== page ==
Water activity in food preservation: why some foods are likely to spoil | Cooking and country recipes

Moisture is necessary for the growth of pests, which is why bacteria, molds and yeasts are not active in sufficiently dried foods.

However, the activity of water is not the same as the moisture content. According to an article from the University of California Davis, “Although moist foods are likely to have greater water activity than dry foods, this is not always the case. … Some foods with exactly the same water content have very different water activity.

Water activity is the amount of free water available in food. It is a measure of water that is not bound to components of the food such as sugar, salt or protein, and is therefore available for microbial growth. Water activity is measured by values ​​from 0.0 (sec) to 1.0 (pure distilled water). The lower the value of the water activity, the more “dry” a food is. The higher the activity of the water, the faster microorganisms such as bacteria, yeasts and molds will grow.

Most pathogenic bacteria need a water activity of 0.90, while spoilage molds need at least 0.70 or more to grow. Long-life foods are less than 0.85. For example, bread has a water activity of about 0.95. Therefore, there is enough water available in bread to promote mold growth, unless preservatives are added. Crackers, on the other hand, have a water activity of about 0.50, which is too low, or dry, for mold growth.

Consider some ways in which water activity applies to food preservation. It can be controlled by adding salt or sugar to food. Both salt and sugar work by binding to the free water in the food product so that the water is no longer available for the growth of microorganisms. Salt is more effective at binding water than sugar. Think about salt in pickles or cold cuts.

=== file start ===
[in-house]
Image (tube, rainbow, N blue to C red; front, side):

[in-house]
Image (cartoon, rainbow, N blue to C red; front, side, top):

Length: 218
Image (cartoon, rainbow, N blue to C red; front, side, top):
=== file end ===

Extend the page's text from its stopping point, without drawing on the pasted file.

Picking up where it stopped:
Water activity can also be decreased by removing water from the food product. Decreasing water can be done by “cooking” a recipe, which allows the water to evaporate. Long cooking jams and marmalades are examples. Water can also be removed by dehydration such as in drying fruits, vegetables and meats (jerky).

Strawberries, Jellies and Jams

Let’s use strawberries to illustrate each of the above points. Fresh strawberries have a high level of available water, around 0.98. Traditional strawberry jam has reduced water activity, about 0.75 to 0.80 – due to the added sugar and the long cooking that evaporates the liquid. Dried strawberries have a very low water activity, around 0.60, because most of the available water is removed by dehydration. From the strawberries example, you can see that the water activity in food can be controlled by adding sugar and / or salt and using time and temperature to remove. free water.

Water activity is more appropriate for predicting the safety and quality of food than the moisture content of a food. Jams contain about 30% water, but this water is related to sugar and is not free to promote the growth of bacteria. Before refrigeration, it was common to keep the jar of jelly open on the kitchen table from one meal to the next. This was possible because the water activity of the traditional jelly is low. Open jars of jellies with little or no added sugar should not be stored at room temperature, as they contain more free water and may promote the growth of microorganisms.

According to the United States Food and Drug Administration, many foods have water activity greater than 0.95, which will promote the growth of bacteria, yeasts, and molds. Research-based protocols for canning, freezing and drying foods take into account the activity of water to control these spoilage organisms.

This article is based on the work of Nancy Wiker, a retired Penn State Extension educator.

If you have a question about food preservation, contact your local Penn State Extension office and they will forward it to the appropriate educator.

The Well Preserved news column is prepared by Penn State Extension.